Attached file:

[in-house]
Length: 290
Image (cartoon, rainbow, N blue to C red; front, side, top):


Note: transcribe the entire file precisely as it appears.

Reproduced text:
[in-house]
Length: 290
Image (cartoon, rainbow, N blue to C red; front, side, top):